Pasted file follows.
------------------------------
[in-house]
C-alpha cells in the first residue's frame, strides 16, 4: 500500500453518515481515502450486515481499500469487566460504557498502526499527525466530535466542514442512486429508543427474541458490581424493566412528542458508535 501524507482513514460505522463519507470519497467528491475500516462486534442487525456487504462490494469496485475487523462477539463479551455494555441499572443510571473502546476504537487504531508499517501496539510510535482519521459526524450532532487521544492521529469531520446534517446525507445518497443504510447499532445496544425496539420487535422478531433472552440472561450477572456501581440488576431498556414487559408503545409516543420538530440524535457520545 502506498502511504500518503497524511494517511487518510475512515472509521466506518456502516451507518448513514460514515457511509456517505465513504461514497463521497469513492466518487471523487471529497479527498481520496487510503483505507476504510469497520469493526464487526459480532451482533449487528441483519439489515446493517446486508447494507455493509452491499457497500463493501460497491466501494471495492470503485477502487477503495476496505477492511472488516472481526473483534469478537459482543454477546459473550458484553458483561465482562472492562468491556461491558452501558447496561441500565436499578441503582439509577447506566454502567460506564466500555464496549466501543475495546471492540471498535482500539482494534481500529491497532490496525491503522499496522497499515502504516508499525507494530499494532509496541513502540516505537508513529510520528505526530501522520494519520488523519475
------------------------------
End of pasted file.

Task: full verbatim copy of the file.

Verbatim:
[in-house]
C-alpha cells in the first residue's frame, strides 16, 4: 500500500453518515481515502450486515481499500469487566460504557498502526499527525466530535466542514442512486429508543427474541458490581424493566412528542458508535 501524507482513514460505522463519507470519497467528491475500516462486534442487525456487504462490494469496485475487523462477539463479551455494555441499572443510571473502546476504537487504531508499517501496539510510535482519521459526524450532532487521544492521529469531520446534517446525507445518497443504510447499532445496544425496539420487535422478531433472552440472561450477572456501581440488576431498556414487559408503545409516543420538530440524535457520545 502506498502511504500518503497524511494517511487518510475512515472509521466506518456502516451507518448513514460514515457511509456517505465513504461514497463521497469513492466518487471523487471529497479527498481520496487510503483505507476504510469497520469493526464487526459480532451482533449487528441483519439489515446493517446486508447494507455493509452491499457497500463493501460497491466501494471495492470503485477502487477503495476496505477492511472488516472481526473483534469478537459482543454477546459473550458484553458483561465482562472492562468491556461491558452501558447496561441500565436499578441503582439509577447506566454502567460506564466500555464496549466501543475495546471492540471498535482500539482494534481500529491497532490496525491503522499496522497499515502504516508499525507494530499494532509496541513502540516505537508513529510520528505526530501522520494519520488523519475